Radiologist Errors in measuring Styloids and uncertainty with surgeon

I’m so frustrated and I need to vent to those who understand what I’m going through. Thanks for reading this.

I’ve had so many CT scans over the past 4 years and no one has mentioned my elongated styloids. I called every imaging center and asked for an addendum with the styloid measurements. So far I have recieved 3 reports with all different measurements (from 2.0, 2.3, 2.6, 2.7 to 3.3cm) All say I have a calcified stylohyoid ligament as well as elongated styloids.

I met with a surgeon here in NYC named Dr. Kutler who has performed about 30 Eagles surgeries. He does not believe Eagles can cause IJV compression, tinnitus or neck pain. He’s had some patients with occipital pain. I have no throat pain so it was difficult getting him to believe I had a diagnosis of Eagles. UNTIL I showed him my styloid process poking through my tonsillar fossa. Suddenly I have Eagles Syndrome. So we scheduled surgery for an intraoral approach to the right side and the transcervical approach to the left side. After my CT scan (he wanted a recent one) he was supposed to call me to discuss the results (I had the scan last Tuesday. I still haven’t heard from him.

I was able to see my radiologist report. This radiologist measured my styloids at 2.6 cm and 2.7 cm and stated my styloids are not elongated and there is no calcified stylohyoid ligament. I called the radiologist today to ask if he measured in 3D. He was extremely rude. I let him know I had previous reports of all different measurements as well as the calcified ligament. He again said my styloids were not elongated. I asked him what then was the bone sticking through my tonsillar fossa that Dr. Kutler pushed on that caused me to jump out of my chair in pain? He said it probably was the ligament and he’s sure it wasn’t pointy. At this point I told him it was pointy, it hurt and was my styloid. Then he said “I’m sure you’ll find a surgeon who will agree to operate on you”. He was a complete jerk. He kept citing Dr. Eagle from 1937 and what he stated. I even corrected him on a few things he had wrong about Dr. Eagle’s definition of Eagle Syndrome. He also said he spoke with Dr. Kutler about the results.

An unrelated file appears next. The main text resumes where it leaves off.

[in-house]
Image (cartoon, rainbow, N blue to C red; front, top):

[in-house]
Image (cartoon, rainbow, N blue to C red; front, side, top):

I called Dr. Kutler’s assistant to ask her to ask Dr. Kutler to call me to go over my CT scan and let me know the specifics for the surgery. I’m still waiting to see if he can do both sides at the same time. It’s scheduled already for 12/12. I measured the styloids myself with the 3D software and both sides were around 3.3 cm. So if I go into surgery without Dr. Kutler measuring the styloids himself he’s basing the length off of inaccurate measurements. He should be looking at the scans himself. It’s very easy to drag a green line to measure the styloids. Again, still waiting for over a week for a call to go over my CT scan.

At this point, I’m not comfortable with Dr. Kutler doing the surgery. Am I being ridiculous by thinking this? It’s been 4 years and 24 doctors to get to this point. I was hoping for a surgeon who was at least a little compassionate and accurate.

I would really appreciate any thoughts on this before I cancel the surgery.

Again, THANK YOU to everyone reading this :-).


You are ABSOLUTELY not being ridiculous of being cautious. It is a very serious surgery and you don’t want to risk here. If you have a chance, don’t jump into the surgery with Dr Kutler but get a second opinion. Cannot say who is close to you, but you might want to contact Dr Cognetti in Philadelphia. And stay strong.


@vdm Thank you! I called Dr. Cognetti’s office today. He’s an hour and 21 minutes from me. I’m going to drop off my records and CD’s of CT scans tomorrow morning so they can copy them and wait for a call back to see if he will see me.


I totally agree with @vdm. You need an experienced surgeon who has dealt with hundreds Eagle Syndrome. You are absolutely doing the right thing here. Good luck.